Officials are warning the public after a bat recently found in the city of Orange tested positive for rabies.
The rabid bat was discovered around 4 p.m. last Tuesday along a brick wall between the 1500 and 1600 blocks of East Santa Ana Canyon Road, the Orange County Health Care Agency said in a news release Friday.
While the health agency notes that rabies cases are rare in humans, they say that every possible exposure to the potentially lethal virus “should be carefully evaluated.”
Rabies is spread from infected animals via bites or, in rare instances, from a scratch where saliva gets into the wound, according to the release.
The majority of human rabies diagnoses stemmed from bat strains of the virus, officials said.
It’s important to get treated if infection is suspected right away because, “Once a person begins showing signs and symptoms of rabies, the disease is nearly always fatal,” Orange County officials previously said. “For that reason, preventive treatment to stop the rabies virus from causing illness is given to anyone who may have been exposed to rabies.”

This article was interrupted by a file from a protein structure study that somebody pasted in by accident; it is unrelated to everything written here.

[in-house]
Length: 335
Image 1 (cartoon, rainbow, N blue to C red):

The incubation period can last weeks or even months, according to the Centers for Disease Control and Prevention.
The initial symptoms can be similar to those of the flu, such as fever, headache, or weakness or discomfort.
Treatment includes a series of rabies vaccines, which are administered in the arm over a two-week period.
Anyone who believes they may have come into contact with the bat is urged to immediately call the Orange County Health Care Agency epidemiology program at 714-834-8180.
After 5 p.m. and on weekends, callers can dial 714-834-7792, where they can leave a message and their call will be returned.
More information can be found through CDC’s website at http://www.cdc.gov/rabies/.